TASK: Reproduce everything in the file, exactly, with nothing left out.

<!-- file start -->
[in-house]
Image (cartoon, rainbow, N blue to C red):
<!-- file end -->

[in-house]
Image (cartoon, rainbow, N blue to C red):